Heart Disease: Symptoms, Risk Factors, and 6 Tips for Prevention

Heart disease affects hundreds of thousands of Americans every year. Learn the steps you can take to keep your heart healthy.


Did you know that heart disease is the leading cause of death in the United States? The CDC estimates it kills one American every 34 seconds — in 2020 alone, it took the lives of almost 700,000 people. Fortunately, there’s a lot you can do to prevent it.

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What is Heart Disease?

Heart disease is a general term that includes many types of heart conditions, from heart attacks and strokes to arrhythmia (abnormal heartbeat). However, coronary artery disease (CAD) is the most common kind. It occurs when plaque builds up in the arteries, restricting blood flow to the heart. This buildup can be contributed by many factors like:

  • High blood pressure:

Blood pressure is the force your heart puts on your artery walls every time it beats. It’s measured in millimeters of mercury (mmHg) using two numbers.

Systolic pressure (the top number) measures the pressure when your heart contracts to pump blood throughout your body. Diastolic pressure (the bottom number) measures the pressure when your heart rests to allow blood back into your heart.

A normal blood pressure reading is 120/80. If either number is too high, it could increase your risk of blood vessel damage, so it’s important to keep these numbers in check.

  • High cholesterol:

A healthy amount of cholesterol in your blood is essential for making hormones and building cells. But when you have too much, it can form plaque on your artery walls.

There are two types of cholesterol. LDL is the bad kind that can lead to plaque formation. HDL is the good cholesterol that carries excess LDL cholesterol back to the liver to be processed and removed.

Triglycerides, a type of fat in the blood, can also increase your risk for heart disease. So make sure you have all these levels checked on a regular basis.

  • Diabetes:

Over time, high blood sugar can damage blood vessels in the heart and the nerves that control them. The artery walls may also develop fatty deposits, making the heart muscle stiffer. If you have diabetes, it’s especially important to be on top of your blood pressure and cholesterol levels.

  • Obesity:

Excess weight can cause a buildup of fat in the arteries. It can also make you more susceptible to high cholesterol, high blood pressure, and diabetes.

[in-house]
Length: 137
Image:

• Genetics:

If you have a family history of heart conditions, you’re at greater risk for the disease. It’s also possible you share similar environments or lifestyle behaviors that can put you at risk.

Heart Disease Prevention

The good news is, adopting healthy dietary and lifestyle habits using the tips below can help prevent heart-related conditions:

  1. Eat a heart-healthy diet rich in potassium, calcium, magnesium, fiber, and lean protein, which can help lower total blood cholesterol and reduce blood pressure. Steel-cut oatmeal, fatty fish, blueberries, and leafy greens are just a few great heart-healthy options.
  2. Limit your intake of saturated fats, sodium, and added sugars which can contribute to weight gain, high blood pressure, and an increase in LDL cholesterol. The trick is to avoid processed foods and choose whole foods like fruits, veggies, legumes, seeds, and whole grains.
  3. Exercise regularly. Moderate exercise, such as walking, swimming, or dancing, for at least 30 minutes a day can help improve circulation and lower blood pressure.
  4. Don’t smoke. Smoking can increase plaque in your blood vessels. So say no to cigarettes.
  5. Sleep at least seven hours per night. When you sleep, your body repairs its cells and tissues. Lack of sleep can raise your blood pressure, putting excess stress on your heart.
  6. Manage your stress. Stress releases cortisol that can elevate cholesterol, glucose levels, and blood pressure. Try to manage it by meditating, taking a yoga class, getting a massage, or seeking support from friends.

By creating and maintaining healthy diet and lifestyle habits, you can keep your heart healthy long into the future. Meeting with a registered dietitian — a personal nutrition coach — is a great first step!

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